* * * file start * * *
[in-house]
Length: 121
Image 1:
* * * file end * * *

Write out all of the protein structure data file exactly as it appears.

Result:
[in-house]
Length: 121
Image 1: